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Water Quality Report


Stockbridge Water System

Is my water safe?

The City of Stockbridge (City) is pleased to report that your community’s drinking water met or exceeded all safety and quality standards set by the State of Georgia and EPA during the previous year (2013).  This Water Quality Report is intended to inform our customers of where their drinking water comes from, what it contains, and how it compares to standards set by regulatory agencies.  Our employees are committed to providing you with safe, dependable tap water on a year round basis and are proud to provide the following information.

Where does my water come from?

The City obtains drinking water from the Henry County Water Authority (HCWA) and from three (3) groundwater wells owned and operated by the City.  The City’s award winning groundwater system (3 wells) was put into production in October of 2000 and now provides approximately 400,000 gallons per day or about half of the water supply for the Stockbridge Water System.  The City receives the remainder of its drinking water supply from the Henry County Water and Sewerage Authority.   

The HCWA has five natural surface water sources for obtaining raw water for drinking water production: (1) Indian Creek, (2) Long Branch Creek, (3) the Upper Towaliga River, (4) the Lower Towaliga River, and (5) Tussahaw Creek. From these sources, the HCWA utilizes a network of reservoirs for raw water storage capacity including: (1) the Gardner (210 acres), (2) the Rowland (230 acres), (3) the Strickland (89 acres), and (4) the Cole (1,100 acres), (5) the Tussahaw (1466 acres). The County has four raw water intakes, one located at each reservoir other than the Cole which is utilized for storage and releases water to the Strickland Reservoir downstream on the Towaliga River.  The Authority alternately pumps raw water from each reservoir to the County’s 2 water treatment plants.  Following treatment, the finished drinking water is pumped to its customers. 


Why is this water considered safe?

The entire area draining surface water into each of the reservoirs exists within the boundaries of Henry County and contain no wastewater or industrial discharges into the drinking water supply.  The Henry County Water and Sewer Authority protects these water supply watersheds through a State approved Water Supply and Watershed Protection Plan as well as county ordinances in place to assure that these watershed areas and our water supply are protected in the future.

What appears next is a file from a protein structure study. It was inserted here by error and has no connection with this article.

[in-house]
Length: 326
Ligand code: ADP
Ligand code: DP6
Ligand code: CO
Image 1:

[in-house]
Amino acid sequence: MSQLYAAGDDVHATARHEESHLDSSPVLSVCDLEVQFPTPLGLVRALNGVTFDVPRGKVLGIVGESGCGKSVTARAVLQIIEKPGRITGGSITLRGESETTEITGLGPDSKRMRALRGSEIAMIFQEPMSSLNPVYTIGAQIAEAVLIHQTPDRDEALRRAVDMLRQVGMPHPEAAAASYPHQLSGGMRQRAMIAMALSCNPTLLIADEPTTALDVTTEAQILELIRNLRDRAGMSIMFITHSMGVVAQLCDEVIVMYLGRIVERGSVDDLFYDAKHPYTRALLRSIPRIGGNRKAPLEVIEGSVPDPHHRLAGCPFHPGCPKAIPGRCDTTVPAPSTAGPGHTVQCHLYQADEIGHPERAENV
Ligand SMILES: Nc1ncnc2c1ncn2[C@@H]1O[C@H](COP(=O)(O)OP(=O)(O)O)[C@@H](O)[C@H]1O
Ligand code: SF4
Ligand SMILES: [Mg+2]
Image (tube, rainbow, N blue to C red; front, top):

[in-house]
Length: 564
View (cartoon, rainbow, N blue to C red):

The Authority has maintained and operated an award winning water treatment plant since 1976.  It is operated around the clock by trained State Certified Operators that perform hundreds of daily tests to insure that the drinking water meets all State and Federal requirements before it leaves the treatment plant.  The latest technology in monitoring equipment is being used to assure customers that their water has been treated to the highest standards possible.

After the raw water is pumped from the reservoirs, it is treated and pumped into distribution mains and storage tanks and then flows to the consumer.  Water is routinely sampled throughout the entire Henry County system at 225 sampling locations and is checked at these locations for bacteriological quality, chlorine residual, corrosiveness and other parameters by state certified laboratory analysts.  Many other tests are also performed by state laboratory personnel at the Environmental Protection Division laboratories.  In addition, the City of Stockbridge monitors within its own distribution system for bacteria twice a month and for copper and lead once a year at various locations to further ensure that the water is of the highest quality. 

The groundwater supplied by the City of Stockbridge’s wells is less susceptible to contamination than surface water.  Chemicals are added to the water pumped from the wells for disinfection, to prohibit corrosion, and to add fluoride.  

A source water assessment has been completed by HCWSA and the Atlanta Regional Commission.  The assessment itemized potential sources of surface water pollution within the watershed areas of the water supply.  The overall results of the assessment resulted in a susceptibility ranking of LOW-MEDIUM combining all individual and non-point source rankings.  Water quality reports also show no violation in water quality.  The results of the assessment can be found on the internet at /swap/ or you can request information by mail from the HCWSA at 1695 Hwy 20 W., McDonough, GA 30253.

Contaminants and Health Risks Found in Drinking Water

Drinking water, including bottled water, may reasonably be expected to contain at least small amounts of some contaminants. The presence of contaminants does not necessarily indicate that water poses a health risk.  More information about contaminants and potential health effects can be obtained by calling the EPA’s Safe Drinking Water Hotline (800-426-4791).  

Some people may be more vulnerable to contaminants in drinking water than the general population.  Immuno-compromised persons, such as persons with cancer undergoing chemotherapy, persons who have undergone organ transplants, people with HIV/AIDS or other immune system disorders, some elderly, and infants can be particularly at risk from infections.  These people should seek advice about drinking water from other health care providers. EPA/CDC guidelines on appropriate means to lessen the risk of infection by Cryptosporidium and other microbiological contaminants are available from the Safe Drinking Water Hotline (1-800-426-4791).  Additional information can be obtained over the Internet from:

The sources of drinking water (both tap water and bottled water) include rivers, lakes, streams, ponds, reservoirs, springs, and wells.  As water travels over the surface of the land or through the ground, it dissolves naturally-occurring minerals and, in some cases, radioactive material, and can pick up substances resulting from the presence of animals or from human activity.  Contaminants that may be present in source water include the following:

  • Microbial contaminants, such as viruses and bacteria, may come from sewage treatment plants, septic systems, agricultural livestock operations, and wildlife.  
  • Inorganic contaminants, such as salts and metals, which can be naturally-occurring or result from urban storm water runoff, industrial or domestic wastewater discharges, oil and gas production, mining, or farming.  
  • Pesticides and herbicides, which may come from a variety of sources such as agriculture, urban storm water runoff, and residential uses.